Rio profit dives but in line with expectation

Rio Tinto's first half underlying earnings dropped 18%, exactly as expected.

Rio Tinto (RIO) has flagged further economic volatility in the medium term and is pushing ahead with its aggressive cost cutting drive.

The company reported a 71% drop in first-half profit to $1.72 billion following a $1.85 billion charge on exchange rate differences for its debt and derivatives. Rio Tinto posted a $5.88 billion profit in the previous interim period.

After one-offs, Rio Tinto’s operating profit was in line with expectations, reporting an 18% drop in underlying earnings to $US4.2 billion in the period.

Chief executive Sam Walsh said the cost cutting drive was "gathering momentum", with $1.5 billion in reductions taken in the first half and a further $500 million flagged for the six months to December.

Gross revenue dropped three% to $24.5 billion, with revenue at its flagship Hamersley mining venture down four% and revenues from its coal operations plunging 12%.

Mr Walsh said the medium-term economic outlook remained volatile, "with a broader range of outcomes now possible".

"Chinese economic growth has decelerated so far this year and is unlikely to recover significantly in the second half, but we do not expect a hard landing," he said.

Mr Walsh said the $1.5 billion in cost cuts made in the first half included $977 million in operating costs, $483 million from lower exploration and evaluation spend and the culling of 2,200 staff since 30 June last year.

He was targeting operating cash cost savings of $2 billion in 2013 and a further $1 billion in 2014. Rio Tinto was also aiming to reduce its exploration and evaluation spending of $750 million in 2013, compared with 2012.

The iron ore miner shaved capital expenditure by nine% to $7 billion in the half, with full-year capex tipped to come in at $14 billion, 20% lower than the peak capex of 2012.

Net profit also took a hit on a $300 billion write-off of waste stripping costs and damaged equipment at Kennecott Utah Copper after a pit wall slide at Bingham Canyon in April.

Iron ore again delivered the bulk of the company's earnings, while cost savings helped to offset some of the impacts of a higher tax rate and lower commodity prices.

The company has also announced it has abandoned its attempted sale of its unwanted aluminium assets, which will now be integrated back into its Alcan group.

Rio's cost cutting included 4,000 job cuts, but staff numbers are down by 2,200 as 1,800 new jobs were created to support its Pilbara iron ore expansion.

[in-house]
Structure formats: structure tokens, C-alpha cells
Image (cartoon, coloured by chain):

Mr Walsh said he was pleased with the cost savings, that were part of a cultural change at Rio including a revamp of incentive schemes.

"I spent the past six months on the ground either in the office in London or in Australia focussing on delivering the messages so that people get it first hand," he told reporters.

"We are seeing greater discipline in the system ... it is getting to basics, what we have done here is get the fundamentals right, get people aligned and give them clear tasks."

The medium term economic outlook remains volatile, with a broader range of outcomes now possible, Mr Walsh said.

"Chinese economic growth had decelerated so far this year and is unlikely to recover significantly in the second half, but we do not expect a hard landing," he said.

The company aims to cut capital expenditure this year by 20% to $US14 billion as it tries to cut debt.

It has an ambitious target of $US5 billion in operating cost cuts by the end of 2014, and is yet to decide on a further $US5 billion iron ore expansion to 360 million tonnes a year.

Morningstar analyst Mark Taylor said he thought that the abandoned aluminium sale was responsible from Rio as it was not accepting a low price in a weak aluminium market.

Rio's underlying earnings - when one-off costs are stripped out - was down 18% from the first half of 2102 to $US4.23 billion ($A4.72 billion), in line with analysts expectations.

Iron ore dominated Rio Tinto's performance, while the coal division posted a loss.

Mr Walsh defended the situation, saying Rio was a diversified miner that just happened to make most of its earnings in iron ore at this point in time because it was in demand.

An increase in Rio Tinto's tax rate to 38% from 27% had an adverse impact on earnings of $US353 million ($A394.15 million).

The company partly blamed that on the mining tax.

Rio will pay an interim fully-franked interim dividend of 93 cents, an increase of 37% on the 68.51 cents issued in the previous corresponding period.

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